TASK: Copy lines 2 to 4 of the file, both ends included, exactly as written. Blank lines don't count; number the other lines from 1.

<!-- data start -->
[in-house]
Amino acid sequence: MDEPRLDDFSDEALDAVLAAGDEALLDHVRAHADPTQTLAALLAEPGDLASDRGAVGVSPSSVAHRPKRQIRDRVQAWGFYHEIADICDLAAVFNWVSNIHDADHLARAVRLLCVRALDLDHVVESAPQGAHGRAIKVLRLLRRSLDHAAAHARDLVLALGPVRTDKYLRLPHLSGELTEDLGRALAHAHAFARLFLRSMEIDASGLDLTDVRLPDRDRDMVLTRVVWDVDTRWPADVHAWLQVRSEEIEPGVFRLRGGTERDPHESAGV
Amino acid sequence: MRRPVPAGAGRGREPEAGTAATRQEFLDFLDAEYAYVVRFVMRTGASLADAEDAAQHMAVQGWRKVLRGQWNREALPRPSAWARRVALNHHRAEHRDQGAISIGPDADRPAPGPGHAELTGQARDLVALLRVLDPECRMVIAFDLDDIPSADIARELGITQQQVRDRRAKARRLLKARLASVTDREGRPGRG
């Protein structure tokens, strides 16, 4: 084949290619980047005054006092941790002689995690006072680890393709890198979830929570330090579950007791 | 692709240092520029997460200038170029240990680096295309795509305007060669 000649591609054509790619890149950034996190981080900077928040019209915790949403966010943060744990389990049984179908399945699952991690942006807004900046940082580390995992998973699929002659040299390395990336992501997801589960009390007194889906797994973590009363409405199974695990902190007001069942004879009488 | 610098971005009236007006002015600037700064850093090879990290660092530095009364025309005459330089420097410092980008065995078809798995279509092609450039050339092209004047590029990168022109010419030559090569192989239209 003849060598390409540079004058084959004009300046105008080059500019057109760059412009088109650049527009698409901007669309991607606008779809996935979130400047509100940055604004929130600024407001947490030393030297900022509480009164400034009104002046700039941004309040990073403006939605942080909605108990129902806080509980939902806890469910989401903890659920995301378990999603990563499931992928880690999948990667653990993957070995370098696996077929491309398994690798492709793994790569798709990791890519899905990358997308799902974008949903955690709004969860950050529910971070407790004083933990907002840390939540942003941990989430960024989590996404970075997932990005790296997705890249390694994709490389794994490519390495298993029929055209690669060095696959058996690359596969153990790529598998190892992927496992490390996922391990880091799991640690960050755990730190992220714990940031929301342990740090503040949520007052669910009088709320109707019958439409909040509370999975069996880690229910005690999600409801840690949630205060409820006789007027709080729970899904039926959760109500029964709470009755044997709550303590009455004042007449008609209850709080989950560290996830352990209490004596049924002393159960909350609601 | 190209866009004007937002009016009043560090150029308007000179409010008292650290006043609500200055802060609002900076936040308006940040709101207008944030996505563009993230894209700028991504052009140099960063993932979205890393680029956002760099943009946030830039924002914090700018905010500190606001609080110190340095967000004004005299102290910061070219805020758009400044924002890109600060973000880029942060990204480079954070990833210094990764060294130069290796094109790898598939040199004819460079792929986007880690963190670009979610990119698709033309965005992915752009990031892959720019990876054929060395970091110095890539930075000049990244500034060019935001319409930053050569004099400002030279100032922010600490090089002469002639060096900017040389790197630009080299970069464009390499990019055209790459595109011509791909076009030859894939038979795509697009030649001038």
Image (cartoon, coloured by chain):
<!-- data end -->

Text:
Amino acid sequence: MDEPRLDDFSDEALDAVLAAGDEALLDHVRAHADPTQTLAALLAEPGDLASDRGAVGVSPSSVAHRPKRQIRDRVQAWGFYHEIADICDLAAVFNWVSNIHDADHLARAVRLLCVRALDLDHVVESAPQGAHGRAIKVLRLLRRSLDHAAAHARDLVLALGPVRTDKYLRLPHLSGELTEDLGRALAHAHAFARLFLRSMEIDASGLDLTDVRLPDRDRDMVLTRVVWDVDTRWPADVHAWLQVRSEEIEPGVFRLRGGTERDPHESAGV
Amino acid sequence: MRRPVPAGAGRGREPEAGTAATRQEFLDFLDAEYAYVVRFVMRTGASLADAEDAAQHMAVQGWRKVLRGQWNREALPRPSAWARRVALNHHRAEHRDQGAISIGPDADRPAPGPGHAELTGQARDLVALLRVLDPECRMVIAFDLDDIPSADIARELGITQQQVRDRRAKARRLLKARLASVTDREGRPGRG
């Protein structure tokens, strides 16, 4: 084949290619980047005054006092941790002689995690006072680890393709890198979830929570330090579950007791 | 692709240092520029997460200038170029240990680096295309795509305007060669 000649591609054509790619890149950034996190981080900077928040019209915790949403966010943060744990389990049984179908399945699952991690942006807004900046940082580390995992998973699929002659040299390395990336992501997801589960009390007194889906797994973590009363409405199974695990902190007001069942004879009488 | 610098971005009236007006002015600037700064850093090879990290660092530095009364025309005459330089420097410092980008065995078809798995279509092609450039050339092209004047590029990168022109010419030559090569192989239209 003849060598390409540079004058084959004009300046105008080059500019057109760059412009088109650049527009698409901007669309991607606008779809996935979130400047509100940055604004929130600024407001947490030393030297900022509480009164400034009104002046700039941004309040990073403006939605942080909605108990129902806080509980939902806890469910989401903890659920995301378990999603990563499931992928880690999948990667653990993957070995370098696996077929491309398994690798492709793994790569798709990791890519899905990358997308799902974008949903955690709004969860950050529910971070407790004083933990907002840390939540942003941990989430960024989590996404970075997932990005790296997705890249390694994709490389794994490519390495298993029929055209690669060095696959058996690359596969153990790529598998190892992927496992490390996922391990880091799991640690960050755990730190992220714990940031929301342990740090503040949520007052669910009088709320109707019958439409909040509370999975069996880690229910005690999600409801840690949630205060409820006789007027709080729970899904039926959760109500029964709470009755044997709550303590009455004042007449008609209850709080989950560290996830352990209490004596049924002393159960909350609601 | 190209866009004007937002009016009043560090150029308007000179409010008292650290006043609500200055802060609002900076936040308006940040709101207008944030996505563009993230894209700028991504052009140099960063993932979205890393680029956002760099943009946030830039924002914090700018905010500190606001609080110190340095967000004004005299102290910061070219805020758009400044924002890109600060973000880029942060990204480079954070990833210094990764060294130069290796094109790898598939040199004819460079792929986007880690963190670009979610990119698709033309965005992915752009990031892959720019990876054929060395970091110095890539930075000049990244500034060019935001319409930053050569004099400002030279100032922010600490090089002469002639060096900017040389790197630009080299970069464009390499990019055209790459595109011509791909076009030859894939038979795509697009030649001038």